How to Talk to Your Muslim Kids About Bullying

How to Talk to your Kids About Bullying

"All that's necessary for the triumph of evil, is for good men to do nothing," says Superman.

Upon reading such a bold statement, thoughts commonly go to infamous evildoers, such as Saddam or Stalin. However, oppression can occur closer to home. Ask any child who has been abused by a bully.

A United States special task force on bullying cites that 1-in-4 children experience verbal, physical, or cyber bullying during the average school year.

In the current climate of Islamophobia, Muslim children are experiencing faith-based bullying as well. In fact, a 2015 CAIR-CA report finds that 55% of Muslim students have been subject to at least one form of religion-based bullying.

Such events often lead to depressive tendencies, making a child less likely to succeed academically or socially. They may even end up not wanting to be seen as Muslim at all!

Amin Aaser, co-founder of Noor Kids explains:

So, how should a child stand up to a bully?

With help... from upstanders, adults, and Allah (SWT).

As society members, each of us has a responsibility to help the oppressed. In fact, Allah (SWT) promises to punish not only oppressors, but also those who have the ability to help out but do not (Hadith Qudsi).

What is bullying?

"All that is necessary for the triumph if evil is for good men to do nothing." - Superman

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From the Islamic perspective, bullying is a form of oppression. Stopping it from occurring is a moral imperative. Thus justice, and helping to cultivate justice, is a central tenet of Islam.

This is evident in the Holy Qur’an in which Allah (SWT) says, “O you who have believed, be persistently standing firm for Allah, witnesses in justice, and do not let the hatred of a people prevent you from being just. Be just; that is nearer to righteousness. And fear Allah; indeed, Allah is acquainted with what you do” (Quran, 5:8).

It is not only our cognitive belief that leads us to justice, but it is our souls that demand it from us as well.

As humans, our fitra, or natural inclination, is toward justice. Research shows that even babies root for justice; “Infants as young as six-months old grasp the complex interactions between a bully, a victim, and an intervening protector—and they root for the brave protector.”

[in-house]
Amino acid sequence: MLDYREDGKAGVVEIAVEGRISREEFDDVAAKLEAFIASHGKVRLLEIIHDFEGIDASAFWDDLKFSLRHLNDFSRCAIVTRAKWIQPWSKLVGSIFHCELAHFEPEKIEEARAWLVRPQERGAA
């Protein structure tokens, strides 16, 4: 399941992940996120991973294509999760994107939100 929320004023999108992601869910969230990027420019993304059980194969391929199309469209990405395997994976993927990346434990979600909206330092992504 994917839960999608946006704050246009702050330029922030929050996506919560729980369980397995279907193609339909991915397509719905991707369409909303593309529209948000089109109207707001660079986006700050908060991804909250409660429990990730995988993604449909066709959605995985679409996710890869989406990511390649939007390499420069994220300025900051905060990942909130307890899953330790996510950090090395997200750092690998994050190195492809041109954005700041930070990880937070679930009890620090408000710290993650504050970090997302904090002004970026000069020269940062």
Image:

One way to explore this concept further is through other-focused empathy. Instead of putting yourself in someone else’s shoes, which promotes an egocentric empathy, other-focused empathy involves observing and appreciating how the other is feeling.

How do you know your child is being bullied?

One of the most difficult aspects of bullying is that it often occurs at times when adults are not around. It also occurs in indirect ways that adults may unintentionally overlook.

The first step to solving the problem is understanding the different types of bullying and the common situations in which they surface.

By educating yourself and being aware of your child’s social context, you are priming yourself for step two, recognizing the warning signs.

When you are attuned to any indicators that your child is being bullied such as unexplained loss of possessions or fear of riding the school bus, you can be proactive in responding.

This may mean initiating a conversation about it.

Experts on bullying among children say that there are several reasons why children might not ask for help. But this doesn’t mean that you shouldn’t talk about it.

Actually quite the opposite is true.

Having crucial conversations with kids shows them the importance of discussing difficult issues rather than avoiding them or denying that they exist. This also communicates that you're there to support them through it.

Questions you can ask are:

  • I’m worried about you. Are there any kids at school who are teasing or picking on you?
  • Are there any kids at school who leave you out on purpose?
  • Who do you sit with at lunch and on the bus?
  • Are there any kids at school who you really don’t like? Why don’t you like them?

How should my child deal with bullying?

There are different ways to respond to bullying depending on the situation. We have identified four strategies that can serve as a toolkit for children.

Ideally, you as a parent can equip your child to learn about the options. You can help them develop the ability to decide which is the best option in any given circumstance.

It is also important to remind your child that Allah (SWT) promises His own justice, stating that whoever performs an atom’s weight of good or of evil will be compensated for it (Quran, 99:7-8).